Published on 17 June 2020
A student paramedic from the University of Sunderland put her life-saving skills to work after a man collapsed on the street.
Shannon Barthram, a first year Paramedic Science student at the University, had been returning to her home in Gateshead when she saw the fallen pensioner, lying unconscious on the pavement.
A small number of people had gathered to help but the 25 year old knew she could use her training to best assist the man.
Shannon, of Wrekenton, Gateshead, said: “Some people had started CPR but the man had fallen back into cardiac arrest and so I took over.
“At first he had no pulse and so I started resuscitating him and it was then all the training came flooding back.
“Another group of people called an ambulance as we continued to try and help save him. I think we must have been going for about six minutes.”
Shannon only started her paramedic training with the University last September but the experience has made her realise she made the right decision.
She said: “I’ve never been involved in a real-life situation like this before, but it’s made me understand just what an incredibly important job paramedics do – I know this is the right career for me.”
Paramedics from North East Ambulance Service (NEAS) arrived on the scene quickly and took over, driving the patient to hospital following the incident last Friday.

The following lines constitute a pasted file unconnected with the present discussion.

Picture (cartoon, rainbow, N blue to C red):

Shannon has since received praise for her efforts from the Service.
NEAS Head of workforce development and education management, Karen Gardner, said: “Shannon’s quick actions to perform CPR on a patient that suffered a cardiac arrest recently, show incredible courage and will have given the gentleman the best chance of survival.
“As a first year student paramedic, Shannon got to experience first-hand using her lifesaving skills, knowledge and initiative - this a great foundation for her career and is testament to her education on the paramedic programme at the University of Sunderland.”
Shannon added: “I really didn’t feel I did anything exceptional. I just wanted to help someone who couldn’t help themselves.”
The University works in partnership with NEAS to offer students practical work placements to ensure they are ready for life on the frontline. and work outside normal